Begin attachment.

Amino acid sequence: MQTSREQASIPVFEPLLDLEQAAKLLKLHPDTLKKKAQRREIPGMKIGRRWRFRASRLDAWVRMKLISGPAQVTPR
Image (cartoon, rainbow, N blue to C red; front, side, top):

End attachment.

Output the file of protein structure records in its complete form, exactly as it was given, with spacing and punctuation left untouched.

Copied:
Amino acid sequence: MQTSREQASIPVFEPLLDLEQAAKLLKLHPDTLKKKAQRREIPGMKIGRRWRFRASRLDAWVRMKLISGPAQVTPR
Image (cartoon, rainbow, N blue to C red; front, side, top):